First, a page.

Since I thoroughly enjoyed Under the Tuscan Sun, I thought I’d give Ms. Mayes’ new autobiography, Under Magnolia, about growing up in the south a try. Let me just say that Ms. Mayes and I do have some things in common. She grew up in a small Georgia town, and I grew up in a small Texas town, small meaning 800-1500 people. We both had absent parents. Her’s were absent by not caring and mine were just not there. She would hide out in palmetto jungles and I would hide out in hay bales. She would climb in a large bag with a flashlight so she could hide from her parents and sisters. I would climb up on the top shelf of our closet to get away. We both read books by a mulatto named Frank Yerby. They were early bodice rippers. I had no idea that he was a mulatto. We both were raised in a time of rampant racism. We both badly wanted to get away from our home towns. Both of our mothers played bridge. But that is where the similarity ends. Even though Ms. Mayes might want you to think that this is a homage to the south, it is not. Even though she has moved to North Carolina, she only exchanged Redwood trees for Magnolias. Her environment is very similar to that of San Francisco. She has ensconced herself, as she did in California, in an area full of painters, writers, poets, etc. It is not the south of her youth. She detests that south.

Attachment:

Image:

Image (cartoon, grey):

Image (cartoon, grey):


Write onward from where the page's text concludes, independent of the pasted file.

When you read Under Magnolia, you’d better have your thinking cap on because Ms. Mayes is going to make you understand that she is a COLLEGE PROFESSOR and she knows her stuff. This autobiography is prose (differentiating it from poetry). She’s going to show all of those people back in Fitzgerald, Georgia that she has made it and made it big time. There are tons and tons of references to literary writers, Faulkner to Dante, Wolfe to W.H. Auden, W.J. Cash(who?) to Bronte. There are numerous references to ancient Greece and Egypt. Strutting her knowledge. This is how she sees her past, “I can look back and see decadence, old bigots, the constant racial slurs, the bores, the wild cards, the bighearted, the family album of alcoholics, the saints, the old aunt propped in a chair saying only ‘da-da ,’ the slow motion suicides, but at (ages) four, six, ten, they looked, powerful, not as types but as themselves.”
If you can get through all of this “look what I have made of myself” stuff and she’s retelling in detail about her life in a not normal family, that’s when she really makes her prose come to life. Her description of her parents, “My parents, powerful, slapdash, weary of children, continued to lead unexamined lives. The brakes simply were gone. Nothing to do except face each other. Southern Comfort, recriminations, and if onlys.”
I don’t remember Under the Tuscan Sun as being so full of itself. Pretentious. As one reviewer said, ” Skip Mayes’ preface. It’s an overly professorial discourse, almost treatise-like, that could discourage some to tuck into the actual story. That would be a shame.” Find the actual story and you’ll enjoy that. Basically, Ms. Mayes, growing up in the south, was caught in a life not of her own design.